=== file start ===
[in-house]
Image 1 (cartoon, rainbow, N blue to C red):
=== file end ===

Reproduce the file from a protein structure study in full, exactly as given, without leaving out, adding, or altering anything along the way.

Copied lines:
[in-house]
Image 1 (cartoon, rainbow, N blue to C red):